Serge Bromberg Says Goodbye to Annecy
And there is a moment when well, you feel, it’s now, it’s now. But here again, I may regret it [stepping down]. No doubt, I will regret it when I see what my successor will do. No doubt, I will think, “Oh I would not have done this,” or “What a great idea. I wish I had that idea before.” I’m very optimistic. I’m acting here for the best of the festival. And if there is any problem of course, I’ll always be there.
The festival started for me in 1998. I was hosting the Award Ceremony. No one knew me, I was just here as the host. But I was adopted like a son of Annecy. This is my family.
DS: Do you think that you have helped the festival evolve and grow in ways that will last after you leave? Can you point to anything you’ve accomplished that makes you feel especially proud?
SB: Yes, I’m awfully proud. And I must tell you this. Dominique Puthod, the President, made a very bold choice when he hired me in 1999, right after the 1998 ceremony. He said, well, at that time I was hosting a two-hour daily TV show on public television in France with animation for kids. I was the French Mr. Rogers, but much, much, much funnier. I think I was funny. I mean, the kids loved me and it lasted for eight years, so probably it was funny.
And so they brought me here. And the first thing I realized is that the DNA of Annecy, the notion that we regard the festival as anti-studio, didn't make any sense. From the beginning, the organizers did not speak very good English, probably they were a bit scared of negotiating with big studios. Probably. I don’t know for sure. But in an event, keeping the industry away simply did not make any sense. How can you tell the story of animation without Snow White, Chuck Jones, to name a few? It was just impossible.
DS: You can't.
SB: You just can’t, it’s just ridiculous. So, I said to Dominique and Tiziana [Tiziana Loschi, the festival’s managing director], that, I would join on the condition that Roy Disney would be the next honorary president, John Lasseter would be in the jury and that would be the start of a total global change of the festival. I think it literally changed. It was the thing to do. There was no other way. Otherwise, we would be one of the many animation film festivals where you see very interesting stuff…”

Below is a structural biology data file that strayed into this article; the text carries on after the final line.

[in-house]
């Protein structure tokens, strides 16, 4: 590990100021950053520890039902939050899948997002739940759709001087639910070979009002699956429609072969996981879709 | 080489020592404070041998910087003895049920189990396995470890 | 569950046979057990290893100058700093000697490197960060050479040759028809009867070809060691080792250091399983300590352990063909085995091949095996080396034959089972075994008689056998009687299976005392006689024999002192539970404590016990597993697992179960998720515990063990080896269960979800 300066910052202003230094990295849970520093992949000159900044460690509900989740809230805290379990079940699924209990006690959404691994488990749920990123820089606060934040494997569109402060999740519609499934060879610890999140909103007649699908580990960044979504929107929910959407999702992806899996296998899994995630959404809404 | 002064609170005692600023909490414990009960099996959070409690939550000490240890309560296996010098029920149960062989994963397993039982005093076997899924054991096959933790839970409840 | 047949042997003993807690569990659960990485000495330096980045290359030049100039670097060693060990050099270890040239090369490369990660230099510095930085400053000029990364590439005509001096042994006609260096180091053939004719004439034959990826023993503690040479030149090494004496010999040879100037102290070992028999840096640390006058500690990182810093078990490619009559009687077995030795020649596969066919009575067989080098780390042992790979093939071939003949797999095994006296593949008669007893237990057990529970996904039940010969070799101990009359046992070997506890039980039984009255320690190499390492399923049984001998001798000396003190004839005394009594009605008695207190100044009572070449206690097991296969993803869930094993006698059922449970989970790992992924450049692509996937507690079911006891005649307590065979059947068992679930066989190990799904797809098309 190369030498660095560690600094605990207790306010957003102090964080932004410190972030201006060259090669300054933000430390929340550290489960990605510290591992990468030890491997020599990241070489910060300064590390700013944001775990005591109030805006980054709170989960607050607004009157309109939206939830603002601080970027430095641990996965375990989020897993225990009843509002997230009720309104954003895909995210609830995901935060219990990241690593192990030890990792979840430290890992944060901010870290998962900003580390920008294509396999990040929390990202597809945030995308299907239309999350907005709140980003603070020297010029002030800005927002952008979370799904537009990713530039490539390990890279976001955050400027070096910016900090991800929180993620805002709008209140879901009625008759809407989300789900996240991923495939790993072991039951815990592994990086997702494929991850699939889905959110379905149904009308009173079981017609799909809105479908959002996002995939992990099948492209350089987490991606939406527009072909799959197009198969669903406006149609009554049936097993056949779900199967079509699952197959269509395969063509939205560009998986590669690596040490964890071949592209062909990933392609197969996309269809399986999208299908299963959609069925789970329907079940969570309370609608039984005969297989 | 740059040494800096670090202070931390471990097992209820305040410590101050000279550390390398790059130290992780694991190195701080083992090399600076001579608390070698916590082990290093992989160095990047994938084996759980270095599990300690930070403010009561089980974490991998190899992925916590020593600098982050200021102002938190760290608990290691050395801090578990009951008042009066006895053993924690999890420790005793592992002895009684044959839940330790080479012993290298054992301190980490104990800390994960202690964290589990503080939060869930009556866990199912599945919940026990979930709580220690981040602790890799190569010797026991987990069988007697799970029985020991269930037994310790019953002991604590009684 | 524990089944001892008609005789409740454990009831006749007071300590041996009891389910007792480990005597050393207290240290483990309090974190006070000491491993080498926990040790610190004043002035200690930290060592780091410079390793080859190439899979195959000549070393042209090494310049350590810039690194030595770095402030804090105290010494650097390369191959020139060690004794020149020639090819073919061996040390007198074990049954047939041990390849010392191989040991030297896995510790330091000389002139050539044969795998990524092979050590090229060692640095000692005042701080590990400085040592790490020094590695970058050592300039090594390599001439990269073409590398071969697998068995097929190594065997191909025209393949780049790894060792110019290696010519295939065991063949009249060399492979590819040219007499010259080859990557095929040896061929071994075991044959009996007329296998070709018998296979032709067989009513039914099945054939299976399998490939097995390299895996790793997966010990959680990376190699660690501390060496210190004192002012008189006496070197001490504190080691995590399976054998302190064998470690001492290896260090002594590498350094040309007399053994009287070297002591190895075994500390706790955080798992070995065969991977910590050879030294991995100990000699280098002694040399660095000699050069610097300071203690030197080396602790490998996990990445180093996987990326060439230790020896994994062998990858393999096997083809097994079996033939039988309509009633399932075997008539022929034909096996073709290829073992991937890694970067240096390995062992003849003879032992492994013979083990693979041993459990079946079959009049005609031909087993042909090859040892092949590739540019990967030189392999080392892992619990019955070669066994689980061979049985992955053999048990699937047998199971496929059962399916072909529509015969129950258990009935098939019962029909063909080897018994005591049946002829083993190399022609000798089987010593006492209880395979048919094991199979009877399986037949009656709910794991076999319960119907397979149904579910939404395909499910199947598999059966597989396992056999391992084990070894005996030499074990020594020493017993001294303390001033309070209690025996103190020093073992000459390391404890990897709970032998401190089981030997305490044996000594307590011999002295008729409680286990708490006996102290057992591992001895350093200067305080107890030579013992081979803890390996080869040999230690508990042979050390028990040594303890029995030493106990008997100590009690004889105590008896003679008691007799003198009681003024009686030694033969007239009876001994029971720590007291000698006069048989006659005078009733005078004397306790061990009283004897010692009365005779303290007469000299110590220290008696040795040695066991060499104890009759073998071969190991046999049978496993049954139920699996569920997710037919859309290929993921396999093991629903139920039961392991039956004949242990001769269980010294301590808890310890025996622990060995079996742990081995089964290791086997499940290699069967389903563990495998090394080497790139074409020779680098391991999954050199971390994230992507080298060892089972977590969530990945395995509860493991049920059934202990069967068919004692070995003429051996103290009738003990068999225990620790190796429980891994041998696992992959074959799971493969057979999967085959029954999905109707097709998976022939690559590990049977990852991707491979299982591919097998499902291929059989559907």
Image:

DS: That festival by the lake…
SB: Yes. I’m proud of the size the festival has reached now. I think the MIFA, the mix between the MIFA and the festival is much, much nicer today. It’s not MIFA anti festival. These days are over. We all know how tough it is to find money. So, we need distributors, we need television programs, we need schools, we need technology. It’s a global world! For my real first edition as a decision maker, I made that choice and I’m very proud I could do it. I mean, the Annecy people thought it was high-risk.
DS: That’s interesting that they thought it was high-risk.
SB: Of course, of course, I speak fluent English. I go to the United States all the time. I used to host shows, buy programs, sell programs, produce programs with my own company, Lobster Films. So, basically I was one from the MIFA and one from the festival at the same time. And that gives a difference of perspective. I hope my successor will share the same feeling.
DS: Any highlights, any things that you look back on and say, “I’m glad I got a chance to meet this person or be involved with this?”
SB: So many that naming one would be an offense to all the others. So, I will not name the big names and forget about the small names. I will say the members of the festival crews have been really amazing. I must say that the best moments, maybe not the best but the richest moments are not during the craze of the festival, that week where things are moving so fast, that you cannot stop, even if you met the woman of your dreams, you would kiss her and leave because you have another appointment.
But during the pre-selection process, we would spend two weeks, three weeks with people from all around the world, watching films, discussing films, sharing good and bad moments. Those are the richest moments. Besides that, I mean, I’ve had so much, I’m so spoiled by this festival. Everything one would wish to have, I’ve had. Except that my wife, on my second festival in 2000, told me, “Listen, when you’re here, I’m with you, but you’re so crazy running everywhere, I don’t even see you. So, I’d rather stay home.” So since 2001, she just does not show up in Annecy during the festival because she feels it’s not her place. Besides that, only good moments. And lots of animation. I loved animation before. I grew into loving it even more, if that is even possible.
Dan Sarto is editor-in-chief and publisher of Animation World Network.